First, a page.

Kid mode

Control is the child’s basic tool.

As kids we have no power, no ability to take care of ourselves.  We need big people (like parents) to do that.  And we use control to make sure those big people do their job.

We learn this before we have language.  We learn it the first time we cry and mom picks us up and feeds or rocks us or changes our diaper.  “Hey,” we realize.  “What I do affects what she does.”

And the urge to control is born.

We spend childhood learning thousands of ways to control big people:

Want mom to love you?  Don’t talk back.

Want dad to be proud of you?  Get straight A’s.

Want teacher’s approval? Do your homework.

Want to avoid being bullied?  Appease the tough kid.

This is how we navigate early life.  For kids there’s no other way.

Of course at some point we’re supposed to develop some power — the ability able to stand up for and take care of ourselves.

But many of us don’t.  Many of us (especially if we’ve been abused or traumatized) stay stuck in kid mode.

We keep relying on control to get our needs met and manage relationships.  We keep seeking approval and avoiding conflict.  We hide who we are, bury our true feelings, and try our damnedest to be whatever we think others want us to be.

Most of the time we do this without even realizing we’re doing it.

And that’s the basic problem of all control addicts.

They’re stuck with the tool of a child to cope with the life of an adult.

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2 responses to “Kid mode

  • Kristie

    On the eve of Christmas Eve, I am weary, I am weary of being controlled by the narcisstic man in my life. Albeit, as of January 1, he will legally be an ex, his control and manipulation reaches the depths of my soul…through our children. What is to be such simple holiday arrangements are only made upon his terms, with the children in the middle as his pawns. Each and every attempt I make to remove the children as I see their duress, he finds another way to manipulate and control. Tears stream down my face as I see the angst of the children. I attempt to exert control and set boundaries with a man who has refused to communicate with me for 11 months. I have. I desire for small talk, or depth even. For I know he is not capable. I just want him to treat me as a human being, instead of a ghost of his past. Only through the children will he make arrangements. They are weary also. My efforts are met with yet another force of narcisstic passive-aggressive behavior. Beaten I drop to my knees, feeling helpless yet again.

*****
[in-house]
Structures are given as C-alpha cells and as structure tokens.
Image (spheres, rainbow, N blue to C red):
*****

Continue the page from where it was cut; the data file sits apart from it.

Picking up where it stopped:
I will meditate on forgiveness, on love and peace this holiday season. No matter, he will never feel what they feel, to change for the better. I long for acceptance of who he truly is, releasing the longing for whom I thought he was when I fell in love.

  • Steve Hauptman

    Kristie, despite not knowing much about your situation (like how long you’ve been married, the ages of your kids, or whether you’re in any kind of therapy) I think I understand how you’re feeling right now.

    I’ve worked with many spouses who have survived what you’re going through. And that experience leads me to (a) congratulate you on escaping from this marriage and (b) suggest you stand on the brink of remaking your life, if you choose to.

    The key is self-care — switching your focus from your abusive soon-to-be-ex to yourself, your feelings, your needs, your options.

    It also means getting really, really good at distinguishing between what you can and can’t control, and between what you should and shouldn’t.

    Understanding that difference can make the difference between feeling helpless and feeling empowered.

    There are posts in the Monkeytraps archives that can help with this. Below are links to three that are especially relevant:

    Off center:
    http://wp.me/pUxjX-2VN

    Seven kinds of power:
    Part 1: http://wp.me/pUxjX-2FS
    Part 2: http://wp.me/pUxjX-2FV

    And come back here in January, when I’ll begin serializing my book MONKEYTRAPS: WHY EVERYBODY TRIES TO CONTROL EVERYTHING AND HOW WE CAN STOP.

    I’ll be encouraging all my readers to comment on the ideas it presents, and to dialogue with me and each other about how to apply them. You are welcome to join that conversation.

    I wish you a new year of peace and healing.

    best,
    ~ Steve

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